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The Vanguard

The 5 Coolest Things On Earth This Week

Amanda Schupak
May 11, 2022

Robots build, cook and jump to new heights. This week’s coolest things are mechanical marvels.


Dam Robots


Dam getty Images


What is it? Chinese engineers plan to use robots run by artificial intelligence to build the world’s tallest 3D-printed structure, a hydroelectric dam.

Why does it matter? Autonomous construction robots could “free humans from heavy duty, repetitive and dangerous work,” Liu Tianyun, author of a study published in the Journal of Tsinghua University (Science and Technology), told the South China Morning Post.

How does it work? The model of the would-be dam will be built layer upon layer, the same way a 3D printer works. An artificial intelligence program will pick the amount and type of fill material needed for each layer and dispatch robotic vehicles to fetch it from mining sites in nearby mountains. Unmanned bulldozers and pavers will push the material into place, and robotic rollers will press the layers until they are firm. Sensors in the rollers collect vibration data and other metrics from which the AI system monitors quality. The 590-foot-tall dam could be completed in two years.


Microgrid Moonshot


Sandia moonshot

What is it? Sandia National Laboratories researchers are working with NASA to design small, resilient electricity grids for future operations on the moon.

Why does it matter? The microgrids could store and deliver solar energy to NASA’s planned Artemis lunar base, which will comprise housing for four astronauts and separate mining and processing facilities that could produce rocket fuel, water, oxygen and other necessary materials.

How does it work? Sandia is designing the energy storage and electrical system control so that NASA can procure components that meet the grids’ specifications. The team is researching how to maintain even voltage in a range of environmental scenarios, and how to most efficiently connect the habitat and mining microgrids. “In a contingency event such as an energy storage system failing during an eclipse, we want to be able to port the power at the mining facility over to the base camp to keep astronauts safe,” said electrical engineer Jack Flicker.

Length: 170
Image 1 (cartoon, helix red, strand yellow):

Cambridge tasting robot

What is it? Cambridge University researchers and appliance manufacturer Beko devised a robotic chef that can “taste” food as it cooks.

Why does it matter? Robot cooks could help prepare food for busy families or assisted living facilities. But without being able to test the food as they go and adjust seasoning, they’ll never be able to cook as well as a human chef.

How does it work? The team’s robot chef could already make a passable omelet. But to give it an ability to perceive flavor like humans do as they chew, the experimenters presented the robo-chef egg dishes made with varying amounts of salt at different stages of “chewed” (thanks to a blender). The robot then probed for salinity in multiple places to create taste maps. “In our experiment, the robot can ‘see’ the difference in the food as it’s chewed, which improves its ability to taste,” said Arsen Abdulali, coauthor of a paper in Frontiers in Robotics and AI.


High Jump


What is it? UC Santa Barbara engineers built a simple machine that jumped a record-breaking 100 feet in the air.

Why does it matter? Mechanical jumpers could efficiently explore other planets or the moon, said Elliot Hawkes, lead developer and author of a study in Nature: “We calculated that the device should be able to clear 125 meters in height while jumping half of a kilometer forward on the moon.”

How does it work? The jumper combines lightweight materials and a novel design. Four carbon-fiber bows are linked by rubber bands. A spindle compresses the bows, which stretch the bands as they bend outward. Upon release, the unique spring design launches the robot straight up, where it reaches heights an order of magnitude higher than the best biological jumpers.


Metal Chameleon


Metal chameleon

What is it? University of Minnesota Twin Cities researchers invented a device that can make metals emulate other metals.

Why does it matter? Advanced technologies, such as catalytic converters in cars and renewable energy storage, often rely on precious metals like palladium. “This [device] opens up an entirely new opportunity for controlling chemistry and making abundant materials act like precious materials,” said Paul Dauenhauer, author of a new study in JACS Au. It could be used in applications such as storing renewable energy, making renewable fuels and manufacturing sustainable materials.

How does it work? The device, called a catalytic condenser, uses a film of aluminum and graphene to change the number of electrons on a metal’s surface and stabilize the new configuration. This allows the material to mimic the properties of a rarer, more expensive metal catalyst.